Protein Science : a Publication of the Protein Society. Jan, 2009 | Pubmed ID: 19177358
The structural characterization of small integral membrane proteins pose a significant challenge for structural biology because of the multitude of molecular interactions between the protein and its heterogeneous environment. Here, the three-dimensional backbone structure of Rv1761c from Mycobacterium tuberculosis has been characterized using solution NMR spectroscopy and dodecylphosphocholine (DPC) micelles as a membrane mimetic environment. This 127 residue single transmembrane helix protein has a significant (10 kDa) C-terminal extramembranous domain. Five hundred and ninety distance, backbone dihedral, and orientational restraints were employed resulting in a 1.16 A rmsd backbone structure with a transmembrane domain defined at 0.40 A. The structure determination approach utilized residual dipolar coupling orientation data from partially aligned samples, long-range paramagnetic relaxation enhancement derived distances, and dihedral restraints from chemical shift indices to determine the global fold. This structural model of Rv1761c displays some influences by the membrane mimetic illustrating that the structure of these membrane proteins is dictated by a combination of the amino acid sequence and the protein's environment. These results demonstrate both the efficacy of the structural approach and the necessity to consider the biophysical properties of membrane mimetics when interpreting structural data of integral membrane proteins and, in particular, small integral membrane proteins.
Bacterial, Archaeal and Eukaryal Community Structures Throughout Soil Horizons of Harvested and Naturally Disturbed Forest Stands
Environmental Microbiology. Dec, 2009 | Pubmed ID: 19659501
Disturbances caused by timber harvesting have critical long-term effects on the forest soil microbiota and alter fundamental ecosystem services provided by these communities. This study assessed the effects of organic matter removal and soil compaction on microbial community structures in different soil horizons 13 years after timber harvesting at the long-term soil productivity site at Skulow Lake, British Columbia. A harvested stand was compared with an unmanaged forest stand. Ribosomal intergenic spacer profiles of bacteria, archaea and eukarya indicated significantly different community structures in the upper three soil horizons of the two stands, with differences decreasing with depth. Large-scale sequencing of the ribosomal intergenic spacers coupled to small-subunit ribosomal RNA genes allowed taxonomic identification of major microbial phylotypes affected by harvesting or varying among soil horizons. Actinobacteria and Gemmatimonadetes were the predominant phylotypes in the bacterial profiles, with the relative abundance of these groups highest in the unmanaged stand, particularly in the deeper soil horizons. Predominant eukaryal phylotypes were mainly assigned to known mycorrhizal and saprotrophic species of Basidiomycetes and Ascomycetes. Harvesting affected Basidiomycetes to a minor degree but had stronger effects on some Ascomycetes. Archaeal profiles had low diversity with only a few predominant crenarchaeal phylotypes whose abundance appeared to increase with depth. Detection of these effects 13 years after harvesting may indicate a long-term change in processes mediated by the microbial community with important consequences for forest productivity. These effects warrant more comprehensive investigation of the effects of harvesting on the structure of forest soil microbial communities and the functional consequences.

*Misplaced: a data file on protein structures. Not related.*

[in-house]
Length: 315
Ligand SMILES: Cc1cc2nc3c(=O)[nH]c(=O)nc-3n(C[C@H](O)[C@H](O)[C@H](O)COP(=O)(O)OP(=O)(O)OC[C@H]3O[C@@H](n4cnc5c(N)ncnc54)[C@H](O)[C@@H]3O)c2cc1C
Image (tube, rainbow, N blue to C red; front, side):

IEEE Transactions on Neural Systems and Rehabilitation Engineering : a Publication of the IEEE Engineering in Medicine and Biology Society. Aug, 2010 | Pubmed ID: 20699202